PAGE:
SINGAPORE Jan 15 A Chinese government crackdown
on lavish spending by officials has pushed expensive liquor and
high-end watches out of favour in the luxury gift-giving market,
a survey from the Hurun Report, known for its annual China Rich
List, showed on Tuesday.
Top alcohol maker Kweichow Moutai Co Ltd saw its
clear 'baijiu' liquor -- widely imbibed at official banquets and
presented as a premium gift -- fall to 13th place on the "best
brand for gifting by men" table, down from fifth last year when
there was a single, mixed-gender table, according to the report.
Swiss watchmaker Longines was the only watch brand to make
the "gifting by men" list at number 15, replacing Rolex, which
was ninth in 2012 but dropped off the list altogether this year.
The report surveyed 551 Chinese with personal wealth of 10
million yuan ($1.6 million) or more.
The results follow a government crackdown, launched in March
last year, on using public funds to buy luxury items such as
baijiu, which can cost several thousand yuan per bottle. In
December, alcohol was banned at military events.
"Watches and liquor have been influenced by government
policies and have been pulled down by a change in leadership.
It's traditionally been that in government there are people who
can influence policy in your favour," Hurun founder Rupert
Hoogewerf told Reuters.
State media have reported a wave of corruption and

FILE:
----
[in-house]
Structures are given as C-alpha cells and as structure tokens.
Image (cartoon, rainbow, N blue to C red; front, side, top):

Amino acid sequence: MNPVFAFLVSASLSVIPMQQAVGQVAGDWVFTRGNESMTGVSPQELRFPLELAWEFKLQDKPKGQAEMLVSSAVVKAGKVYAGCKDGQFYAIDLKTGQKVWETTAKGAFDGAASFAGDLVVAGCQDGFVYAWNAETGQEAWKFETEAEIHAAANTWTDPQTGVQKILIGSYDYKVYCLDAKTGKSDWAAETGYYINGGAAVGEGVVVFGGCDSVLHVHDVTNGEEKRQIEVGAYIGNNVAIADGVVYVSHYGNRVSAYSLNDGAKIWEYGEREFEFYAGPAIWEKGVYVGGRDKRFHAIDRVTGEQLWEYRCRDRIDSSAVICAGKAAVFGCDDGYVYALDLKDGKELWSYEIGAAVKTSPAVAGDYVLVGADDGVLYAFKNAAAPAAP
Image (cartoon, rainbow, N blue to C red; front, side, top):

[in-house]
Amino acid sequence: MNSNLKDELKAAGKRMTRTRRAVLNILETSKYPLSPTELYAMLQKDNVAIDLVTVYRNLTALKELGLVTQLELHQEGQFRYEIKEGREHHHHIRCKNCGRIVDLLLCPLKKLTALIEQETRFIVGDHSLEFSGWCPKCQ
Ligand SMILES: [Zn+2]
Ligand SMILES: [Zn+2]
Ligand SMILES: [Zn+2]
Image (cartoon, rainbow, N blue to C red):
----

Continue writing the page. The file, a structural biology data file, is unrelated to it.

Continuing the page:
abuse-of-power cases since November's senior leadership
transition in the ruling Communist Party. In one case, an
official was sacked after Internet photos showed him wearing a
number of different luxury-brand watches.
The official Xinhua News Agency reported in late December
that the luxury ban on officials had hit the share prices of
listed liquor distillers.
Market leader Moutai had 12.5 billion yuan wiped off its
market value after the new regulations were announced.
Moutai's fall meant there was not a single Chinese brand in
the top 10, and only one in the top 15 on the men's gift list.
France dominated with six brands out of the top 10 in the
men's list and four in the women's, including luxury accessory
and apparel makers Louis Vuitton and Chanel.
However, less expensive gifts were the order of the day.
"With the current anti-corruption drive, officials can no
longer receive blatantly expensive products, so we're seeing a
trend towards less-expensive giving," said Hoogewerf.
(Editing by John Ruwitch)